Ottawa city council Wednesday unanimously approved a series of measures aimed at helping businesses affected by the “Freedom Convoy” occupation, including nearly half a million dollars in grants for downtown BIAs to market their neighbourhoods.
Council endorsed a motion from councillors Eli El-Chantiry and Mathieu Fleury to provide $450,000 in grants to BIAs in areas affected by the three-week protests against vaccine mandates.
Other measures that got the green light include a proposal to have city staff look at deferring interim property tax payments for businesses in the protest zone. Council also approved a $50,000 contribution to the Ottawa Music Industry Coalition to help promote live venues and a proposal to extend free fares on the LRT system until 30 days after the state of emergency ends.
We are starting to see graduates from La Cité leave their mark in the agri-food sector, thanks to a more recent agriculture training programs.
Council also voted 16-7 in favour of a plan to offer free parking at municipal lots and garages in the downtown core until the end of March.
The protest that gripped the capital and prompted the invocation of the Emergencies Act also sparked a call for permanent changes to security in the parliamentary precinct, including the closure of a major street to vehicle traffic.
After grappling with the city’s emergency response to the crisis, Mayor Jim Watson said Ottawa needs to consider changes to better protect local neighbourhoods and Parliament Hill.
“Every time there’s been a security breach on Parliament Hill, it’s acted as a catalyst for change.”
“Every time there’s been a security breach on Parliament Hill, it’s acted as a catalyst for change,” Watson said at Wednesday’s council meeting.
The National Capital Region needs to start looking at itself differently than any other part of the country, the city manager said.
While the city discussed changes to the Hill, Ontario police were monitoring camps where groups of demonstrators appear to have regrouped in small towns to the east and west of Ottawa, in Arnprior and Vankleek Hill.
The first change in Ottawa will be the temporary closure of Wellington Street to traffic. The street will stay closed until a new council is elected and the city can work out a plan with the federal government for changes to precinct security.
“We do not want, in the short term or long term, another caravan coming and invading this very important space that I consider the most important street in the country,” Watson said.
Police cleared the downtown Ottawa protest after Prime Minister Justin Trudeau invoked the Emergencies Act last week. He revoked the use of the act on Wednesday afternoon, saying order has been restored and the protest and other blockades are over.
Since protesters were driven out the city, the parliamentary precinct, including Wellington Street, has been fenced off and accessible only to people who work in the area.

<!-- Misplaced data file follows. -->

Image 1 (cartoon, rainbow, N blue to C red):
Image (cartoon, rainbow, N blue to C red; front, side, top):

Permanent closure eyed
Somerset Coun. Catherine McKenney, whose ward includes Parliament Hill, put forward the idea to open discussions to transfer ownership of the street to the federal government, putting security for that area under national jurisdiction.
The councillor also suggested working with federal officials and the community to permanently close Wellington Street to all vehicles except public transit, pedestrians and cyclists.
During the demonstration “the entire responsibility really fell to the city to defend and protect Wellington Street,” McKenney told council Wednesday.
Wellington Street is under the care and control of the city, Public Services Minister Filomena Tassi said in a statement, but the idea of closing it has been one of the possibilities long contemplated as part of reimagining the precinct.
Ottawa’s city manager said jurisdictional issues with security in the National Capital Region need to be rethought as well.
“You end up with a lag with respect to how quickly the various organizations have to get engaged,” Steve Kanellakos said at Wednesday’s meeting.
Councillors floated the idea of developing a working group to modernize the various levels of government’s responsibility in a crisis in the capital, since jurisdictional scuffles became a stumbling block in the response to the demonstrations.
Kanellakos said the National Capital Region should have a standing emergency plan that includes the city, provincial and federal governments, as well as possibly the city of Gatineau.
There is a system in place to bring all the key players together, but it’s not formal and isn’t set up to respond to major events, said former Ottawa police chief Charles Bordeleau in an interview Wednesday.
“There’s no mechanism that, when it reaches a certain threshold, talks about joint command structures, unified command structures,” said Bordeleau, who now operates as a public safety consultant.
He said before governments can go about making major changes to the security of Parliament, they first need to think about what exactly they’re trying to solve.
“If you’re trying to prevent large trucks from driving on Wellington and parking? Well, yeah, closing it is a solution. Bollards at both ends is another solution, when you have a demonstration. Or just putting roadblocks,” he said.
The city has initiated a review of its own response to the protests in hopes they’ll have some ideas about how to handle future demonstrations in time for the summer. The federal government is expected to launch an inquiry into the use of the Emergencies Act which may offer up other ideas to improve the response to the next crisis.
– With additional reporting from the Canadian Press